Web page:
Hamish McRae: Congestion? No problem

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Indy Lifestyle Online

Road tolls, congestion charges in cities and now the idea of a national congestion charge to replace road tax - anyone who likes cars has a right to feel somewhat hounded. Successive British governments have chosen to build proportionately fewer new roads than any other large developed country and should be less than surprised that there is a congestion problem.

Road tolls, congestion charges in cities and now the idea of a national congestion charge to replace road tax - anyone who likes cars has a right to feel somewhat hounded. Successive British governments have chosen to build proportionately fewer new roads than any other large developed country and should be less than surprised that there is a congestion problem.

Since the Government has failed to act on the supply side it has to act on demand. Plan A has been to cut road use by increasing fuel taxes, with the result that Britain has the most expensive fuel in the world. But that has failed. Not only has road use risen, but just last week political pressure forced the Chancellor to postpone his latest scheduled rise in fuel duty. We are at the political limits of that particular tax.

By contrast, Ken Livingstone's congestion charge is perceived as a success. I say "perceived" because that is the view of the chattering classes - anyone trying to run a retail business in central London might have a different view. And I suspect that, in a few years time, the general view will be that it has simply displaced economic activity outside the zone.

But a national congestion charge, aside from being politically fashionable, has the advantage of hitting people in the South-East, not a Labour stronghold, so you can see why the present Government is keen on the idea. Besides it has to raise revenue from somewhere.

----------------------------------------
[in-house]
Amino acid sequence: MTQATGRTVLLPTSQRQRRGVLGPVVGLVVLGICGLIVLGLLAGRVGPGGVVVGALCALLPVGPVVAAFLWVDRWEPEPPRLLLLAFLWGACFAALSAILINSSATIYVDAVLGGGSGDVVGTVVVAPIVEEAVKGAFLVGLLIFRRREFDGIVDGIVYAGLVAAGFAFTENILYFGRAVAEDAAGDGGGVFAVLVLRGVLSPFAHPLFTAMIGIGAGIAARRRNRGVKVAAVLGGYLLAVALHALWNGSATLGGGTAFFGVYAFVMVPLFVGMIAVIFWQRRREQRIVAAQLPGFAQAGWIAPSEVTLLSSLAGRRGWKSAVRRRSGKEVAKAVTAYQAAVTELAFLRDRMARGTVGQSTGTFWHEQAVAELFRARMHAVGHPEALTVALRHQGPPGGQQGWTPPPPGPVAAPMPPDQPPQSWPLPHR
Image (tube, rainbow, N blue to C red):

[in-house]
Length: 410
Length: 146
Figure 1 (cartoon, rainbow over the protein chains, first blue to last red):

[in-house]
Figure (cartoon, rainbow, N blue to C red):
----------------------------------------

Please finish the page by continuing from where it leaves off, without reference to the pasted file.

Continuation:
Do we need it? It is profoundly unfashionable to suggest it, but I suspect we may be getting close to the natural limits of road use. In other words, road congestion will not go on getting worse forever and may instead plateau close to present levels.

The basic point here is that people no longer drive for fun. A lot of us enjoy driving and prefer to drive a car that makes a journey a rewarding experience. But we don't make a journey for the sake of it. Here in Britain the proportion of families with access to a car has stopped rising (though there are more and more multiple-car families). Some European cities, Copenhagen being the best example, have been redesigned to help people use other ways of getting around, including bikes.

Yet surely, as people get richer they want more cars? Well, yes and no. Up to a certain point they do, but as societies reach a certain level of wealth the additional money is not spent on things, but on services. Things have to be trucked around; services don't to nearly the same extent. There are only 24 hours in a day and after a point we tend to spend money on saving time, by living closer to work, for example, or by shopping for groceries on the Net and having the stuff delivered.

In short, as we get richer we will try and organise our lives to try to drive less, not more. We are not yet quite at that stage, and of course congestion won't disappear. But it will become less of a problem -- just in time for our political masters to bring in their national congestion charge.

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